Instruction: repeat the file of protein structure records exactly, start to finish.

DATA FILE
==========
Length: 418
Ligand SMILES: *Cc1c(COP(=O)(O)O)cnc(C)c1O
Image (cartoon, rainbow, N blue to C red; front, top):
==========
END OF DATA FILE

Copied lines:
Length: 418
Ligand SMILES: *Cc1c(COP(=O)(O)O)cnc(C)c1O
Image (cartoon, rainbow, N blue to C red; front, top):